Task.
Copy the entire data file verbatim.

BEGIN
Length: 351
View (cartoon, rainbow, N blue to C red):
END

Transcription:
Length: 351
View (cartoon, rainbow, N blue to C red):